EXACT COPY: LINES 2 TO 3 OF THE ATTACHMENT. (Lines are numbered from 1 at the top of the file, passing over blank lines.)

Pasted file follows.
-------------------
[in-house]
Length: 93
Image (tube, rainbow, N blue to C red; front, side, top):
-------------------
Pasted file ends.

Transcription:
Length: 93
Image (tube, rainbow, N blue to C red; front, side, top):